After a short break, pick the baby up and attempt to burp once more. If the baby still does not burp, then you may need to sum up that the gas might have already been passed. Either continue to monitor your baby, but know that it is nothing to be too worried about.  You may also consider applying some of the general tips for burping which will be discussed below. 

General Tips for Burping

So now that we’ve gone through a few ways that you can work through burping issues, we will share a few general tips on burping your baby. 

  • Remember to be gentle with the baby. When rubbing or patting your baby’s back to expel gas, you want to ensure that you are careful. Use gentle and predictable motions to assist with burping
  • Keep in mind that better results may be seen from burping several times during feeding, most commonly starting with half way through a feeding,  as opposed to waiting to burp at the end. By developing this practice you may help to prevent issues with burping. This may also assist with any fussiness that the baby may display. 
  • As mentioned, a baby burp rag or bib will help you during burping. With a bib, you will protect your wardrobe as well as prevent yourself from needing to change your baby’s outfit due to mess up. 
  • Extra clothes are always a must with newborns. If your newborn happens to spit up, it will be necessary for you to change their outfit. This is especially important if you are leaving home with the baby for the day. 
  • Monitor your baby during feeding and be cautious. Although burping is a part of the feeding process you’ll want to ensure that you monitor your baby carefully. 
  • Keep in mind that the baby may have released gas through another means. Due to this, it is not uncommon for the baby to not need to be burped.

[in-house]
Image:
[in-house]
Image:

How Long Should I Burp My Baby?

With burping your little one, the action can take the entire feeding session because you will be burping in sections, depending on how old the baby is, it’s hard to narrow down an exact number of ounces that baby should be burped. A best practice according to Johnson is to burp halfway through and at the end. After the feeding is complete, a final burp needs to be done. Following that, babies should remain seated upright for a short amount of time after feeding. This practice will help with digestion. 

It is important that this practice is maintained for both night feedings and daytime feedings. It is essential that you burp your baby after each feeding unless it is no longer necessary.

You may also be curious about when burping will no longer be necessary. IT’s hard to pinpoint an exact age, but the trapped air can usually work its way out easier when the baby is able to sit up on its own. At this point, baby’s should have developed self-burping skills and are able to do so on their own as they play or explore their environment. 

Using a Baby Feeding Journal

A baby feeding journal will be a really helpful tool to help you navigate your new journey. You will also find it helpful to keep track of your baby’s diet and dietary changes. You may also make notes about anything that comes up such as difficulties burping. This way, you will have a great log for reference if needed. Keeping accurate notes will definitely help you to explain things more accurately for your pediatrician. 

In Summary

Getting your baby to burp is sometimes the goal before allowing the baby to get back to sleep after feeding. However, it is not uncommon for burping to not occur: many moms are then curious as to what to do if the baby doesn’t burp after feeding. 

To this, we offer several quick tips that may prove helpful. A few of the aforementioned tips include changing the bottle or feeding nipple, trying various feeding positions, and burping your baby at different points during feeding as opposed to at the end. These are all great options to try. 

Keep in mind that the baby may not always need to be burped, especially if gas is passed another way. If any of the solution options seem to prove unhelpful, then perhaps you can make a journal note then run your questions by your pediatrician as a final resource.